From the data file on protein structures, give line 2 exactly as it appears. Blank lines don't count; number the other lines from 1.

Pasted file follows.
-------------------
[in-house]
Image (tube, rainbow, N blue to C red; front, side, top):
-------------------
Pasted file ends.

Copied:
Image (tube, rainbow, N blue to C red; front, side, top):